A four-part series
Before setting off on any offshore cruise it is essential to understand, in depth, the vagaries of the world’s weather systems and ocean currents. All sailors must be able to make their own decisions independently of any route planning services or pilot book.
They must develop their own voyage and passage plans, and will feel empowered once they have seen their calculations at the chart table pay off in practice.
A single trip from A to B is a passage. A voyage is a series of passages linked together over several months or even a year. In military terms a passage is a tactic, a voyage a strategy.
The first step is to decide where you want to go, the weather and climate will dictate when you can go.
Typhoon, cyclone and hurricane planning
All three of these are just regional names for the same weather systems, namely intense depressions.
The primary consideration when planning an extended voyage is knowing your entry and exit times for a given cyclone area, so developing a ‘helicopter view’ of the whole voyage and the no go areas and times, is essential.
It follows that unless you are prepared to stay in a given area for 8-12 months plus, to await next year’s weather windows, and are prepared to stay put through the cyclone season, your time visiting these areas will be restricted.
If you want to spend several months exploring the region you have arrived in, you must you therefore get there with adequate time to cruise that area allowing for the passage time to get well out of the cyclone area as a whole, and then have adequate time to get to the next cyclone area at the start of the cyclone free season.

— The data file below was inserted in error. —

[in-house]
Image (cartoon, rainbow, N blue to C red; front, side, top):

For instance, if you want to be in the Caribbean and sail the Windward Islands and the Leeward Islands there’s no point arriving there in May, as the hurricane season begins at the start of June and lasts through to end of November.
Instead, you need to arrive there in early December and depart by mid-April. If your voyage plan is from Europe to New Zealand, and includes the Caribbean you have to get from the Caribbean through the Panama Canal, but the earliest you can arrive in the eastern South Pacific cyclone belt is around mid-May and you’ll need to depart from the western side of the South Pacific cyclone belt by mid-October. So working backwards, if you are starting out from Europe you need to leave the Canary Islands at the end of (the previous) October.
It’s worth noting that, although rare, hurricanes, typhoons or cyclones can and do occur well outside their prescribed ‘season’ and area. Due to global warming violent storms both inside and outside of the season’s ‘slot’ are increasing and cyclones are occuring outside of the recognised cyclone areas.
Five years ago on 25th October I was anchored inside Kapingamarangi Atoll in Micronesia on a voyage from New Zealand to Hong Kong.
We were a long way below the cyclone belt in an area that was considered safe from cyclones, however, on checking the grib file weather charts that morning I noticed that east of our position the isobars were unexpectedly close together, so I checked the next area even further to the east and to my horror saw a cyclone heading our way.
I went ashore and warned the villagers then reluctantly weighed anchor and headed out to run further west to keep four days ahead of the cyclone affected area.
That cyclone was heading due west but was forecast to swing north the following day. Instead it just continued to head due west. We kept three or four days ahead of it as we hurried across Micronesia.
Our original passage plan was to go to Yap, which was further west and a little north of our route, but we erred on the side of caution, missed Yap and went west and south instead, to Palau. The cyclone went right through Yap flattening the villages and devastating the island. If you check you’ll find that cyclones are expected to pass well north of Yap.
Trade winds, or prevailing winds
To make the best use of a fair breeze you will require a wind pilot for the ocean or area you will sail in for the months you will sail there.